I turn to the Brd. of Selectmen to at least call in the Brd. of Education for a discussion on the teacher contract. Specifically, I think people would like to know why Ridgefield is paying more than all other towns in the list below.

    This list represents all the recently negotiated three year Connecticut teacher salary increases I could find on the internet:

    Ridgefield 8.97%
    Seymour 8.87%
    Westport 8.65%
    New Canaan 8.63%
    Stamford 8.62%
    Bethel 8.49%
    Plainville 8.4%
    New Manchester 8.36%
    Groton 7.5%
    New Milford 6.95%
    Weston 6.85%
    Cheshire 6.7%
    Darien 6.63%
    Redding 6.6%
    Trumbull 6.2%
    Wilton 6.1%
    Tolland 5.98%
    Monroe 5.85%
    Waterford 5.75%
    Branford 5.73%.
    Hamden 5.7%
    North Brandford 5.3%
    Farmington 4.5%

    I first showed this list a few months ago and hoped the Brd. Of Education would take part in a dialogue. I received no response. Since then, I have found a few more towns have signed teacher contracts. I’ve added them to the list. They are also lower than Ridgefield.

    For completeness, I’d like to point out a few things about this list. Every town on the list has negotiated health savings, so I don’t think we can easily say Ridgefield’s salary increase is highest because we also negotiated health savings. Some very nearby towns like Wilton, Weston, and Darien have even taken the same action as Ridgefield and required teachers to switch to an HSA.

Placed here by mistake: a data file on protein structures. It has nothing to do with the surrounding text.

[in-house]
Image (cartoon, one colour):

I’d also like to point out that this list represents to the best of my abilities, an apples to apples comparison of the towns. There are more towns that recently negotiated teacher contracts, but they didn’t give enough details for me to calculate an overall budget impact in terms of a total percentage increase. So even though I feel they would have come in lower than Ridgefield, I didn’t include them in the list out of fairness.

    Also, I see mention that Ridgefield’s overall increase is 8.71%. I think this is incorrect. You can’t add the yearly increases of 2.9%, 2.84% and 2.97% to get 8.71%. It doesn’t work that way. If you have an increase of 10% in the first year and 10% in the second year, that’s not a total increase of 20%. It’s closer to 21% because the second year’s increase acts on the first year’s increase. With this in mind, I calculate the three year increase to be 8.97%.

    Also, I can cite online sources for each town’s salary increase. Just ask and I will be glad to show the sources here.

    Please, Brd. Of Selectmen, I ask you to have a discussion with the Brd. Of Education. It is easy for us to claim the contract is good for Ridgefield, but from what I see, I have trouble understanding that conclusion. I think this is worth discussing with the Brd. Of Education.

  • http://janrifkinson.blogspot.com Jan Rifkinson

    I hope ABordeaux will speak up at the BoS mtg next wed when the BoS is slated to discuss the teacher contract. The BoS & BoE will drag in their experts’ opinions based on who-knows-what (sort of reminds me of the rating agencies passing on the mortgage bundles) so the other side needs its own citizen experts. You appear to be one of them. Good research.